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There is an urgent need to change the way police handle protesters – analysis


Long before New Delhi’s Connaught Place was renamed Rajiv Chowk, its namesake in the city was in the headlines. But it was named after a different Rajiv and a different chowk — and that happened about 30 years ago. Students rose up in spontaneous protests after the announcement of caste-based reservations in jobs and educational institutions. Rajiv Goswami, a commerce student at the Deshbandhu College in south Delhi, was the hero of this agitation. The student protesters named the All India Institute of Medical Sciences (AIIMS) crossing, where he tried to immolate himself, as Rajiv Chowk.

There were widespread protests across the country soon after the announcement on August 7, 1990, but Delhi became its focal point. The agitation was contained and remained largely peaceful, with the protesters not going beyond blocking traffic at important intersections with their dharnas. We were careful not to use force to break those sit-ins, and the protesting students would move to other locations after a couple of hours in one place. Traffic was thrown out of gear, but then the people understood the cause and, in fact, some even empathised with it. It continued for over a month, and as the protests started losing steam, Goswami, attempted self-immolation.

The incident shocked the country, and, soon, the agitation appeared to be spinning out of control. The government provided the best possible medical attention to Goswami, and so he survived despite 85% burns. In the meantime, another immolation of one Surender Singh took place. Several such cases were reported from different parts of the country, and the situation appeared be moving towards a violent confrontation.

On the evening of September 21, 1990, a group of student protestors staged a sit-in at the AIIMS chowk, by now named Rajiv Chowk. As it was the peak traffic hour, they had virtually hit the jugular of the traffic in south Delhi. The Delhi Police made attempts to dissuade the students and sought the help of the dean and the vice-chancellor of Delhi University, but to no avail. Instead of the sit-in melting away, students from other locations joined in. They seemed enthusiastic and the people of the neighbourhood sent food and durries. All indicators pointed towards a long haul.

Rajiv Chowk made headlines daily, and even though people suffered, the number of students continued to swell. The stalemate continued. Violent incidents kept going up. The media had already started comparing it to the 1989 protests at China’s Tiananmen Square.

Finally, on September 26 evening, the situation precipitated after an incident of violence. Our information suggested that the number of students and locals were more than 2,000, with plenty of missiles such as stones to resist the police. Despite provocations, the Delhi Police maintained restraint. It was around the midnight that the police, wearing riot gear, started moving towards the chowk from all the four sides quietly. They were under strict instructions not to use force. Street lights in the area had been dysfunctional for days, or taken away by the lumpen elements in the last few days of violence. The only source of light was a few generators and portable lights. As the force moved in simultaneously from all the sides, their numbers remained undetected till the last minute due to the darkness. The idea was to push the students back, and as they get hemmed in from all sides, they would panic and begin to melt away, and court arrest in a peaceful manner.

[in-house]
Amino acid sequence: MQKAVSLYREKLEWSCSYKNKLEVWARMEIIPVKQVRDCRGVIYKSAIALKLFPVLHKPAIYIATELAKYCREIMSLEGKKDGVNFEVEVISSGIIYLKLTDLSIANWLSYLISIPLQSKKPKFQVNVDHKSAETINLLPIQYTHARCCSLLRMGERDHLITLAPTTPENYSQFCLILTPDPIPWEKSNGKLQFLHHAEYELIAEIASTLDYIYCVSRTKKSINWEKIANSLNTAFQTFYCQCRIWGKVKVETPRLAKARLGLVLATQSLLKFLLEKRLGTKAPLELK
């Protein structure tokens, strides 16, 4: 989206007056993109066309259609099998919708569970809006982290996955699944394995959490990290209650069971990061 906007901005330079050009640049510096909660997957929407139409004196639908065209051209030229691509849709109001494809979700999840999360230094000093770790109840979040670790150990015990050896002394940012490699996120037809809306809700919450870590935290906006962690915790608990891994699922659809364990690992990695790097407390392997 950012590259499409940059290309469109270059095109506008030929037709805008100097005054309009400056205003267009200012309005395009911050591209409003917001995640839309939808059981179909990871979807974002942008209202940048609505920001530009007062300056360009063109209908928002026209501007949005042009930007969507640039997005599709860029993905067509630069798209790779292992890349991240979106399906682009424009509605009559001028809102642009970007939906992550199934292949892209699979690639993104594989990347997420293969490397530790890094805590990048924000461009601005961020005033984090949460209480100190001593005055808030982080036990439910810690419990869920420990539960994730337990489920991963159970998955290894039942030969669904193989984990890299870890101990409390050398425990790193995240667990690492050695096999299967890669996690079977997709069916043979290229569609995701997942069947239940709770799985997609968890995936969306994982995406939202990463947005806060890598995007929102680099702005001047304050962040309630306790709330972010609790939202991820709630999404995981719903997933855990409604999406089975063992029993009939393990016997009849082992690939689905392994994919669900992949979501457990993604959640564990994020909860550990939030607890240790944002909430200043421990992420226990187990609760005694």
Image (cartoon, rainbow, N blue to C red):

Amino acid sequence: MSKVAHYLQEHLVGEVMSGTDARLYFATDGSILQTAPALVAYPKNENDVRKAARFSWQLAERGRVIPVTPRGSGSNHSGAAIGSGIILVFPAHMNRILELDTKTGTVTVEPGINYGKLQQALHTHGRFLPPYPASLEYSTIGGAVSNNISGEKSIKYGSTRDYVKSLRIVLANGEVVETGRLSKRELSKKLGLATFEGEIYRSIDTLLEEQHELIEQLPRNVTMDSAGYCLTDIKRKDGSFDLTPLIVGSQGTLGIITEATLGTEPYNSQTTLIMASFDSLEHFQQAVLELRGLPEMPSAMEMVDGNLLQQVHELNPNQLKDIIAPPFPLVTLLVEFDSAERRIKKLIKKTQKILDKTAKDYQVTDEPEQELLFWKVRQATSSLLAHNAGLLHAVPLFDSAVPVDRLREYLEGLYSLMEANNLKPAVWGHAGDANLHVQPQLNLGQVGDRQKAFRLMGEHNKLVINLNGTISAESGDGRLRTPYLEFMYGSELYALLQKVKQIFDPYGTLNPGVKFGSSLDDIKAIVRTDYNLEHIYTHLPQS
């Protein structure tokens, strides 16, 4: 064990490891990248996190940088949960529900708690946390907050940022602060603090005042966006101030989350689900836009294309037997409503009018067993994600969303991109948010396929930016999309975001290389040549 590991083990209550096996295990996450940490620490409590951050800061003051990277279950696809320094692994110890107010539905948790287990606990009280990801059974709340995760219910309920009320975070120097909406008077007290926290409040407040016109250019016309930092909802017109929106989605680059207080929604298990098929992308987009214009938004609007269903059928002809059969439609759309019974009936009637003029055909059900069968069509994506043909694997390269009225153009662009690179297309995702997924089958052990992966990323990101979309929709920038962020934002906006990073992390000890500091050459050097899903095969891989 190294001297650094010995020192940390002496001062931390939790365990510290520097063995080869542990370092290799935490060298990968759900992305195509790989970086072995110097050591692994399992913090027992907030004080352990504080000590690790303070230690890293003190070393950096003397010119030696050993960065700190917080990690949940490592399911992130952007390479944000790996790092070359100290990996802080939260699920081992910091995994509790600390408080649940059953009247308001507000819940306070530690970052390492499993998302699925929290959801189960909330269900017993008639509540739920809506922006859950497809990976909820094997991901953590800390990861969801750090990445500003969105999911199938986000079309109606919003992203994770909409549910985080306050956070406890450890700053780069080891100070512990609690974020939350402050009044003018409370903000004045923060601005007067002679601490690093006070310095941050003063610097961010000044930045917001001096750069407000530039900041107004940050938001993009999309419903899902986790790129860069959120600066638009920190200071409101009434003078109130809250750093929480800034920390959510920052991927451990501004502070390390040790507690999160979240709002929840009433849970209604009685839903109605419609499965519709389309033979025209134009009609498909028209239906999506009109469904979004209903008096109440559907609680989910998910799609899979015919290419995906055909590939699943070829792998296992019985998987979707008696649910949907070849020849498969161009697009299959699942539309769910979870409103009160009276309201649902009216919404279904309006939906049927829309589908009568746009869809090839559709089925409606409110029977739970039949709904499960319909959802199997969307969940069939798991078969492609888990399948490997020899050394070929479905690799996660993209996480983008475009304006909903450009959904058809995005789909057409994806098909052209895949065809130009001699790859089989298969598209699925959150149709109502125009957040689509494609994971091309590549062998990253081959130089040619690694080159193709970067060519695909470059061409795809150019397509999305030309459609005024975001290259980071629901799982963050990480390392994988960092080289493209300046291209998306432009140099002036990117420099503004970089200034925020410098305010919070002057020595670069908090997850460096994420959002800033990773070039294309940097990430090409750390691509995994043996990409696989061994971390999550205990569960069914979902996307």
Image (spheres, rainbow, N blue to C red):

Everyone anticipated violence. But it was an anti-climax — everything remained peaceful, and the sensitive situation was calmly resolved without the use of force.

Policing is one area of administration, which, on account of the very nature of its work, continues to receive negative press. And despite best efforts to rectify, the trend somehow continues. One of the root causes of this is its use of unbridled force on the general public. It is in this context that the use of non-violent force can become an important element of policing.

Though policemen are trained and expected to be patient, they are human beings, and at times do get provoked, which is, of course, unacceptable. It is for this reason that there is a specialised unit for riot control. But what invariably happens is that such specialised units get overexposed during routine law and order deployment, and when the need arises, they end up reacting and behaving like the rest of the police staff. Thus, what we usually see in action is not men of a uniformed force but individuals in uniform. But even if they have to act individually, they must follow their orders and drills, and not take out their anger and frustrations on the public.

The term non-violent force is not an oxymoron. It’s a concept that has been put to practical use. Cynics may have doubts but to explain the concept of non-violent force, one has to visualise a mother slapping her child. She has used force, but is she violent? No. The use of force becomes violent when it is applied with a sense of revenge, hostility, hatred, malice, and rancour. The difference is extremely subtle. But it is the loss of this subtleness in crowd management, and the thinking among some policemen to teach the public a lesson and punish them, is what makes the use of force violent, and sometimes even brutal — and it is the source of most of the problems. The need for a change in police methodology has assumed much greater importance.

KK Paul is a former Delhi Police commissioner, member of the UPSC and governor of Uttarakhand and four Northeastern states

The views expressed are personal

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